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The BREATHE asthma intervention did not reduce respiratory hospitalizations or emergency department (ED) visits.

An illness like asthma makes inequalities obvious. Among American Indians and Alaska Natives, it is well known that asthma diagnosis and inadequate control of asthma symptoms are related to lower levels of education, poverty, and minority status. This association may be due to the intersection of socioeconomic, genetic, and immune factors in this particular population.

Despite large differences in asthma prevalence, severity, and illness burden among American Indian children, few asthma education interventions have been evaluated in this community. 

This randomized controlled study was published in Scientific Reports and aimed to evaluate the efficacy and practicality of the BREATHE intervention with American Indian children and parents over a 3-year follow-up period (n = 108). Electronic medical records (EMR) were used to identify children with asthma. The intervention included an initial instructional component from an asthma counselor regarding asthma and discussions about managing the condition with caretakers involved in the participant’s care. The control group received standard care. The primary outcome was the frequency of EMR-documented visits to the ED or hospitalization for respiratory symptoms.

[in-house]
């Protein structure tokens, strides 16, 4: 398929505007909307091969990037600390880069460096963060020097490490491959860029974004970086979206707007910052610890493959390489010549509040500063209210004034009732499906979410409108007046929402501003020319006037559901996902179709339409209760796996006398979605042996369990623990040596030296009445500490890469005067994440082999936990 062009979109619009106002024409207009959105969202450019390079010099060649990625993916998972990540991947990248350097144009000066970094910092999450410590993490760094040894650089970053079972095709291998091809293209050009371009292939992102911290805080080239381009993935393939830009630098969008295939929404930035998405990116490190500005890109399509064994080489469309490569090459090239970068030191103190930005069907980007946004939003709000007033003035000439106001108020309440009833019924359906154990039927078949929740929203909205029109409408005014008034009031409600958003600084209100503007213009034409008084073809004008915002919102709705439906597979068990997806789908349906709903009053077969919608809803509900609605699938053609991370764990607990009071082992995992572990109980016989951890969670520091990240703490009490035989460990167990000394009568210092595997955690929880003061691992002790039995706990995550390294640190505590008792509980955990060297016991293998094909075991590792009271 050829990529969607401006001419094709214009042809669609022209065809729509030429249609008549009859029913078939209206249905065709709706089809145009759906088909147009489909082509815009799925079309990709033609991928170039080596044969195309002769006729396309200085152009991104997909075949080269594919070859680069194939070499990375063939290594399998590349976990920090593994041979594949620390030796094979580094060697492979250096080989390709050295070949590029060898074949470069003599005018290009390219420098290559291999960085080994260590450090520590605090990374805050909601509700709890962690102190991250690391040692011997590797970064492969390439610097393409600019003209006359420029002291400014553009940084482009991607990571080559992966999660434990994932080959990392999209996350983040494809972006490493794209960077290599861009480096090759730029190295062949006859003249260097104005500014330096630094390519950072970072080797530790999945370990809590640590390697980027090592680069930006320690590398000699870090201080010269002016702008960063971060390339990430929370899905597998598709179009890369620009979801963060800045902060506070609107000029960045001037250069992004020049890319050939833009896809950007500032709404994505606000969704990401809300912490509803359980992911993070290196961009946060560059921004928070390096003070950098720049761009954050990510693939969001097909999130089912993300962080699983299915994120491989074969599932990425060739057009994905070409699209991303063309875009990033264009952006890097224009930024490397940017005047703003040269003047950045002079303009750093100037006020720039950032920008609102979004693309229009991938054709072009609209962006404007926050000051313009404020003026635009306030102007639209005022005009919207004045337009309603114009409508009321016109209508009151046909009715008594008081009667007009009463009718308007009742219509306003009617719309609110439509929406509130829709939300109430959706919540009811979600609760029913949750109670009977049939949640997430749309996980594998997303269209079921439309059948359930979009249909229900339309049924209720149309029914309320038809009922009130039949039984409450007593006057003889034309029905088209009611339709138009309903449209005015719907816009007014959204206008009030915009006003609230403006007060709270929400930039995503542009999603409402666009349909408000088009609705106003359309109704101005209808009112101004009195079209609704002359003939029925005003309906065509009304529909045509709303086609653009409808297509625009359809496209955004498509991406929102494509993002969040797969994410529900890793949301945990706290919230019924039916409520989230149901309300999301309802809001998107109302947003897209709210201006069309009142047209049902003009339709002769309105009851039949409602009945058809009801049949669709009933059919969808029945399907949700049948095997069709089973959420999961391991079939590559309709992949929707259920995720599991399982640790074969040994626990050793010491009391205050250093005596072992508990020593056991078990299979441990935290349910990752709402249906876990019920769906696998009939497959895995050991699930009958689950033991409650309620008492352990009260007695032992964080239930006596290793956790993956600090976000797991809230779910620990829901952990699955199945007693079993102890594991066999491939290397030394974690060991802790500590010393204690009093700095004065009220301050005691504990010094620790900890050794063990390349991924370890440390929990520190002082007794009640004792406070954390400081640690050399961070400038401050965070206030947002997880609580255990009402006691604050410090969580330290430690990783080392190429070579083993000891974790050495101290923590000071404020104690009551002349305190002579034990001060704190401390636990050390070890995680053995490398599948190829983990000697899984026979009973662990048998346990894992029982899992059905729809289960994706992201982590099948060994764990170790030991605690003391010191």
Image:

After a 24-month follow-up period, there was no statistical difference between the intervention and control groups regarding primary outcomes (p = 0.75) or the percentage of patients who visited the emergency department or were hospitalized (p = 0.99). There was a marginally significant difference in time from the primary result after a year.

The present investigation did not reveal a lasting benefit of this intervention, despite its modest sample size. However, the search for a successful, doable, and culturally appropriate pediatric asthma intervention must go on.

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O’Leary, R. A., O’Leary, M. A., Torgerson, D. G., Mettler, R. D., Enright, K. J., & Best, L. G. (2022). Efficacy and feasibility of the BREATHE asthma intervention with American Indian children: a randomized controlled trial. Sci Rep, 12(1), 21220. https://doi.org/10.1038/s41598-022-25447-0